Paulo Friere, a Brazilian Educator, worked to empower illiterate people in Brazil. His philosophy is represented in the following statement:
You never really understand an issue or know how to help resolve it until you involve yourself in the issue. Then you begin to understand it, to identify the principal parties and actors involved, and begin to realize how to change it.
Environmental problems are by nature interdisciplinary, embracing science, social science, economics and politics, and effective solutions to them rest upon a respect for the culture in which they are found. Although we need to be understanding of cultural values, we may at the same time be critical of human practices that damage the environment and disregard basic human rights.
The use of action research and community problem solving in the area of environmental education has come most notably from the work of Friere as well as William Stapp, Arjen Wals, Giovanna Di Chiro, Ian Robottom, Bill Hammond, and Harold Hungerford. This is the educational philosophy Blue Forests shares. We use it to engage coastal communities in problem solving.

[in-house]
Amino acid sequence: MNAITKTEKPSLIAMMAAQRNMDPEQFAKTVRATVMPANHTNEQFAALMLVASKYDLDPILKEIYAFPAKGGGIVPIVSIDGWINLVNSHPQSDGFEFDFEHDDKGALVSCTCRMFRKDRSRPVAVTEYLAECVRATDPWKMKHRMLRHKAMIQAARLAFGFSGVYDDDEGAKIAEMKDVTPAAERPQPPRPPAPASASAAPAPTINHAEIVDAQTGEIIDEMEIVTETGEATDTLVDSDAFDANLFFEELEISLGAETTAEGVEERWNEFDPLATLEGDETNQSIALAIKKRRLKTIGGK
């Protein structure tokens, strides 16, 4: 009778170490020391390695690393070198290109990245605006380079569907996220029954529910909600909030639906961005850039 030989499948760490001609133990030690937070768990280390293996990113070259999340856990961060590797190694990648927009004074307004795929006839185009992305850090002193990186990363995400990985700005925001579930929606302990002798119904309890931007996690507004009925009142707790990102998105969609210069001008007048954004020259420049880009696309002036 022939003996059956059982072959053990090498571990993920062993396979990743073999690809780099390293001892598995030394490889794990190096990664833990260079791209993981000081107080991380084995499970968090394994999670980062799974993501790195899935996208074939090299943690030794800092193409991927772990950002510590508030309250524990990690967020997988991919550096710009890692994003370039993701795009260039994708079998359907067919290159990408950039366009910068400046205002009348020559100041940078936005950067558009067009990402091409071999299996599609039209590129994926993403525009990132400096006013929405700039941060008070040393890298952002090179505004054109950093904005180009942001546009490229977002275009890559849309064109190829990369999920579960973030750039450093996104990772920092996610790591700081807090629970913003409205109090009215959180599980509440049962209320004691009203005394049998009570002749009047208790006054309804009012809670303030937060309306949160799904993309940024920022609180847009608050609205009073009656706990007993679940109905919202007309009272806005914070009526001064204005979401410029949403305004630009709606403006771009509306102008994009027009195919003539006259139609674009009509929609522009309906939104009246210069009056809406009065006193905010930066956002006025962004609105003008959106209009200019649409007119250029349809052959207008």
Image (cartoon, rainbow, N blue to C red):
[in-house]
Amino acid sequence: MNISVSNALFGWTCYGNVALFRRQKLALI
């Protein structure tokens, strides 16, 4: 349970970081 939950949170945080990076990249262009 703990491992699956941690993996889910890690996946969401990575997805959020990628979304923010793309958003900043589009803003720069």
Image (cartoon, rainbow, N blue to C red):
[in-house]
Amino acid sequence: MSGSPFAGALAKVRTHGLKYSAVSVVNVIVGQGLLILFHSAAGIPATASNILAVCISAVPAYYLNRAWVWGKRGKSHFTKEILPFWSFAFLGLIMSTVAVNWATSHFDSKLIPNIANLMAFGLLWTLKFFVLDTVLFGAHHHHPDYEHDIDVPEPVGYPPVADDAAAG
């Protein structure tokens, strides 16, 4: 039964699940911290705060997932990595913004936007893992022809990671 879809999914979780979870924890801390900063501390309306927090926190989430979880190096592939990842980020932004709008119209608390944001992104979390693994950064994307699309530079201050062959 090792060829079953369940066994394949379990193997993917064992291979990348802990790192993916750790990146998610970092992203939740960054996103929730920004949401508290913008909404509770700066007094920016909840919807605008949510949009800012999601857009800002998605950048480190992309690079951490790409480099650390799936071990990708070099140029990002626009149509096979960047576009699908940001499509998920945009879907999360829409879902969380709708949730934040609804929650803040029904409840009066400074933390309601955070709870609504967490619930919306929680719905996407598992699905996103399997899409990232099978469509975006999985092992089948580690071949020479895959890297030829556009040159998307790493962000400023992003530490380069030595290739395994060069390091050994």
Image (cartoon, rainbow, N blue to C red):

Because environmental problems are interdisciplinary in scope, and often affect diverse populations with differing values and perspectives, effective solutions require looking at problems from various points of view. The complexity of environmental problems, and appropriate responses to these problems, require a sense of competence that stems in part from a thorough knowledge of the problem area.
Our “Do Your Own Mangrove Action Project” handbook combines aspects of fieldwork focusing on the health and use of mangrove ecosystems, with a community problem solving approach that follows the three steps noted above. The model is based on research into how people organize ideas (cognitive-mapping), how people solve problems, and how educators can use this information to make education more relevant and meaningful. Ultimate success is measured by the change in values of the target group, improved health of the mangrove ecosystem and a coincident improvement in the quality of coastal peoples’ lives.
The process followed in taking effective action has been influenced by environmental educators seeking effective means to educate and empower people about their environment, and by educational researchers interested in problem solving strategies within educational contexts. The educator John Dewey was an early advocate of reflective thinking, and believed that thoughts cannot be separated from action (Dewey, 1963). He thought that schools should involve students in the real world to make education more meaningful.